Note that this ability is not actually part of nightly.link, just a creative way to apply it; the "bot" is executed entirely within GitHub Actions, isolated to your repository.
GitHub has no direct way to directly link to the latest build from GitHub actions of a given repository.
Even if you do have a link to an artifact, using it requires the visitor to be logged into the GitHub website.
The discussion originates at actions/upload-artifact "Artifact download URL only work for registered users".
So, this service is a solution to this omission.
Because GitHub doesn't provide any permanent and public links to an artifact, this service redirects to time-limited links that GitHub can give to the application -- only on behalf of an authenticated user that has access to the repository. So, whenever someone downloads an artifact from a repository that you had added, this service uses a token that is associated with your installation of the GitHub App.
This GitHub App requests these permissions:
- Actions: Workflows, workflow runs and artifacts.
- Access: Read-only
- Metadata [mandatory]: Search repositories, list collaborators, and access repository metadata.
- Access: Read-only
Interestingly, the prompt that GitHub presents to you when authenticating to the service says something quite a bit scarier:
nightly.link by Oleh Prypin would like permission to:
- Verify your GitHub identity ($username)
- Know which resources you can access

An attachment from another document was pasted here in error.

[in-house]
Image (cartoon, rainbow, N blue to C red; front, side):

- Act on your behalf
In reality, this blurb is completely generic and will be shown for any GitHub App authorization regardless of its permissions. This is discussed here.
Furthermore, the permissions that the app asks for are granted even if it's just "installed", without being "authorized".
Verifying your identity is needed so that only you can view links to private repositories and your organizations. Other things, well, the service is not even asking for.
Feel free to revoke this part (but keep the install) when you're done with this website's UI.
An exhaustive list of what this service stores:
The server of the main instance also keeps access logs and application logs for up to 3 months.
This page will be updated if this changes.
No paid features are currently planned.
This service is developed and run by Oleh Prypin.
It has no affiliation with my employer. No affiliation with GitHub either.
Open an issue at https://github.com/oprypin/nightly.link/issues
The source code is available in a Git repository at https://github.com/oprypin/nightly.link
Copyright (C) 2020 Oleh Prypin
This program is free software: you can redistribute it and/or modify it under the terms of the GNU Affero General Public License as published by the Free Software Foundation, either version 3 of the License, or (at your option) any later version.
This program is distributed in the hope that it will be useful, but WITHOUT ANY WARRANTY; without even the implied warranty of MERCHANTABILITY or FITNESS FOR A PARTICULAR PURPOSE. See the GNU Affero General Public License for more details.
You should have received a copy of the GNU Affero General Public License along with this program. If not, see https://www.gnu.org/licenses/.